Prof Joanna Wardlaw has been honoured with the Presidential Award at the European Stroke Conference in Prague!
Professor Joanna Wardlaw (Professor of Applied Neuroimaging and Honorary Consultant Neuroradiologist, University of Edinburgh) has been honoured with the Presidential Award, at the European Stroke Conference on 16-18 May 2017, in Prague. It is wonderful that Joanna's contribution to stroke research and associated small vessel diseases, has received such international recognition - congratulations!
The European Stroke Organisation (ESO) Presidential Award is presented annually at the ESO Conference. The Presidential Award is bestowed upon an advanced career person who has made a significant impact on stroke care internationally over many years, someone who has had an important influence on educational or political development for stroke care across Europe or even worldwide. The achievement thus need not be research based but may involve leadership, mentorship, implementation or changing of attitudes.
During the ceremony, members heard how Joanna Wardlaw is a true leader in the field. She initiated one of the first randomised controlled trials of intra-arterial thrombolysis in acute ischaemic stroke in 1990, and has published and regularly updated the Cochrane Collaboration Systematic Review of available evidence on thrombolysis in ischaemic stroke since 1992.
She has worked on many multicentre randomised clinical trials as imaging lead, steering committee member or UK lead (IST-3, ENOS, PODCAST, Novartis Octreotide trials, SITS-MOST and MAST-Italy). Joanna has led UK NIHR-commissioned projects on cost effective use of diagnostic imaging in stroke treatment and prevention, whose results have been cited in stroke care guidelines worldwide, thereby having impact on patient care.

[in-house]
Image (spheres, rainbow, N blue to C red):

Professor Wardlaw said
This award is for all the people who have ever worked together with me to improve the diagnosis, prevention and treatment of cerebrovascular disease. Such improvements rely on collaboration and contributions from many many people, especially those at risk of, or who have already suffered, from stroke and its other effects on the brain. It is a great honour to receive the award.”
In 1997, Joanna Wardlaw established the Brain Research Imaging Centre at the University of Edinburgh, and is now a Director of their Edinburgh Imaging Facilities, as well as being part of the SINAPSE Collaboration, a joint effort of the major Universities across Scotland.
More recently, Joanna developed a research programme into the causes and effects of small vessel disease (SVD) on the brain, in particular the role of blood brain barrier (BBB) failure with ageing and its relationship with lacunar stroke and dementia. This has resulted in several high profile publications most recently Neuroimaging Standards for Small Vessel Disease and its contribution to ageing and neurodegeneration (STRIVE) published in the Lancet Neurology 2013. She is currently working on several neuroimaging projects at present, including a collaborative study with 8 other UK universities funded by the Stroke Association, Alzheimer’s Society & the British Heart Foundation and she looks forward to Edinburgh Imaging leading the imaging research for the SVD projects funded by the Fondation Leducq and UK Dementia Research Initiative.
Joanna has published more than 550 papers including in high impact journals, which have attracted in excess of 13,000 citations.
Past ESO Presidential Award recipients include: 2016: Prof. Heinrich Mattle (CH), Chairman of the Department of Neurology, University of Berne, Chief of Neurological outpatient service, Neurovascular Laboratory and Stroke Unit, Inselspital, Berne. 2015: Prof. Marie-Germaine Bousser (FR), Head of the Neurology Service at Lariboisière Hospital, member of Inserm team U740 and Professor of Neurology at the Denis Diderot University.